Q: What are the dos and don'ts of interviews?

A:1) The best thing to DO is to just be yourself; don't try to pretend to be someone you're not. You will be much more natural and comfortable and be better in the interview if you act like yourself and let the conversation flow.
2) Don't sweat the small stuff. Candidates often get too overly concerned about little details in their resume or skills that might be missing. Or a misspoken response to a question. If you're comfortable and having a good, healthy conversation with a recruiter or hiring team, they will see your qualities shine through from this experience and the little things you notice may not be a concern at all.
3) Do be ready to ask questions. Candidates who don't ask any questions are showing the hiring team that they didn't do much research about the team in order to know what to ask, and that they don't care much about the team or the opportunity. Always have 3-4 good, solid questions ready to ask every person you interview with.
4) Don't be late. Always get there on time. Give yourself a cushion.

Q: What are some tips for standing out in an interview?

A:1) Keep the conversation focused and always directly answer the question that is being posed to you.
2) Let your passion shine through for the job/company/technology/product/team, etc. Companies love to see someone who's excited (in a real way) to be there. An uninspired candidates almost never makes a great impression on a team.
3) Give real examples of your skills and experiences. Give context by highlighting them in real situations. Keep those situations focused and on the point.
4) Highlight examples of how you are great at working with others, that you have strong collaboration skills. It's a necessity in nearly every job and highly valued at Microsoft.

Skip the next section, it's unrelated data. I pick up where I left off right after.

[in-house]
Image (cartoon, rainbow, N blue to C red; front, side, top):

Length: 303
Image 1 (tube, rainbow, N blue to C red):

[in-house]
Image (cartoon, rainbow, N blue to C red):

5) Come prepared to ask questions, to answer tough questions, to talk about your past experiences, to give your opinion on the product/team/company. A prepared candidates shows they care to be there and they are excited about the opportunity.

Q: What are some interview tips for recent college grads?

A:Really the same as above. The challenge is using your college experiences as a proxy for industry experience. Use real examples of team projects, collaboration efforts, connecting with classmates on a solution, solving tough academic problem sets. It's really all the same things any candidate needs to do, only the personal history is based on class room experiences and not so much workplace experiences. If you have work experiences or internships, then absolutely include those on your resume and use them as examples in an interview.

Q: What are some questions that keep candidates on their toes?

A:Giving them case studies to walk through, or situational scenarios they need to solve, such as making a decision on a product feature. How would they make that decision? What inputs would they seek before making the decision? Testing their logic in a problem solving situation on the fly. Sometimes we ask them what they fear the most about taking a job or joining a company. See if they are comfortable giving an honest opinion in an interview setting.

Q: What are some questions candidates should ask recruiters during an interview?

A:1) What skills are most important to succeed in this job?
2) How is success measured in this position?
3) What does a typical career path look like from this position forward?
4) What is the reputation of a team/leader inside the company?

Q: At what point in the interview do you suggest that candidates ask about salary, benefits, vacation days, etc.? Or should they wait to speak to someone in HR about these concerns?

A:HR contacts are prepared and most ready to answer any detailed questions related to such topics. Regarding some of this info such as benefits and vacation, etc., much of the information can be found online or in a brochure. It's totally appropriate to ask a recruiter to send you information about these things before the interview. Perhaps they will answer most of your questions. Regarding salary, this varies depending on the situation. It's likely not the best time to bring it up in the first conversation you have with a hiring manager. If invited back for a 2nd interview, it will be acceptable to ask detailed questions about compensation to your recruiter. There is no 'right' answer on this one; it's best to gauge where the conversation is going, and often let the recruiter lead you in this direction before you take the lead.

Warren Ashton is the Group Marketing Manager/Staffing Marketing at Microsoft Corp. He is responsible for Microsoft’s recruitment communications programs. • Visit Microsoft Corp. Career Web site

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